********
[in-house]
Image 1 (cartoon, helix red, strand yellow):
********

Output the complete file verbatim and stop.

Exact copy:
[in-house]
Image 1 (cartoon, helix red, strand yellow):